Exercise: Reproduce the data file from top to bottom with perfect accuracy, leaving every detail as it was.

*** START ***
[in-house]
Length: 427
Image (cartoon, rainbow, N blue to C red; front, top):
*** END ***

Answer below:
[in-house]
Length: 427
Image (cartoon, rainbow, N blue to C red; front, top):